Countries around the world are having dialogue about the implementation of taxes and regulations on cryptocurrency. Within the last week we have seen Australia launch new cryptocurrency regulations, plus Thailand’s Council of State and Cabinet approve a cryptocurrency tax plan. Most recently, The South African Revenue Service, or SARS, has detailed its plans to tax cryptocurrency in South Africa.
In the April 6th release, SARS explains that cryptocurrencies “are neither official South African tender nor widely used and accepted in South Africa as a medium of payment or exchange.”
Therefore, cryptocurrencies will be recognized as assets of an intangible nature. Assets of intangible nature cover any asset that is not physical. Corporate intellectual property such as trademarks, patents, copyrights, and even abstract concepts such as brand recognition can be considered as intangible assets, which butts heads with the idea that cryptocurrencies are the inherently valuable payment method of the future.
Some argue regulations should be welcomed and that clearly stated laws will help to create stability and usher in the mass adoption, while others remain ardently opposed to any form of taxation on cryptocurrencies. A main concern is that groups of people who do not fully understand cryptocurrency are trying to apply outdated laws to a new born technology.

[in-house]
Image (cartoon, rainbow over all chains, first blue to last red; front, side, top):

Understanding that it can be a tough task to understand these regulations, SARS has encouraged citizens of South Africa who have bought or traded cryptocurrency to appeal to SARS for help and clarification. SARS is making it clear that they want to get a cut of crypto gains, including gains from mining. However, they have yet to clarify the value added tax or VAT will apply to cryptocurrencies but have stated that they will not require VAT registration as a vendor.
An intrical part of newly elected South African President, Cyril Ramaphosa’s campaign was that he promised to tackle corruption, and specifically address the recent accusations against SARS.
“I will shortly appoint a commission of inquiry into tax administration and governance of SARS‚ to ensure that we restore the credibility of the Service and strengthen its capacity to meet its revenue targets‚” Ramaphosa said.
In addition Ramaphosa aims “to ensure that South Africa is “better equipped to respond to changing economic circumstances” while remaining in tune with the ever changing technologies the world is constantly introduced to.
Ramaphosa also proposed the formation of a digital industrial revolution commission, with the intentions of putting South Africa in “position to seize the opportunities and manage the challenges of rapid advances in information and communication technology”.
The economy, taxation, new technology, and corruption, issues that converge on cryptocurrency, all played a part in South Africa’s recent presidential election.
Previously when countries have threatened to enact regulations on cryptocurrency, it has affected the market in a negative way. South Korea enacted new laws in early February which seemed to have caused a sharp drop in the crypto market. On the other hand, we have seen the market react in a bullish way when positive news about the acceptance of Bitcoin in Japan and China in the middle of 2017.